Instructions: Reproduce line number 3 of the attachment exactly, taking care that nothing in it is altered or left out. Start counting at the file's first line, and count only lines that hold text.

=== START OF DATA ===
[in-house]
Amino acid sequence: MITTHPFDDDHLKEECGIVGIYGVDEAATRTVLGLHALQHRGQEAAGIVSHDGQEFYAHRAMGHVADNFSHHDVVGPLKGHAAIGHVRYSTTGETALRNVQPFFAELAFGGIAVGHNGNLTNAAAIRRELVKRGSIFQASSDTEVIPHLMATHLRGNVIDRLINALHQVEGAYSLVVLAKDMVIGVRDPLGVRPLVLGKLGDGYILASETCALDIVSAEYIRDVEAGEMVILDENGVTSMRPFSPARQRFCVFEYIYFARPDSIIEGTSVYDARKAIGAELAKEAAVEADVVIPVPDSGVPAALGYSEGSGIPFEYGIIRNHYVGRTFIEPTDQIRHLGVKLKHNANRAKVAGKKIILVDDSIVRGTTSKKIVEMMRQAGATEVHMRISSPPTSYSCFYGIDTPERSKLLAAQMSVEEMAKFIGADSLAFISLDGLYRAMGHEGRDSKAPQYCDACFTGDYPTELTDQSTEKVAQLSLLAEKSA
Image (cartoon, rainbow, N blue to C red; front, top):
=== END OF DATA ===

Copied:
Image (cartoon, rainbow, N blue to C red; front, top):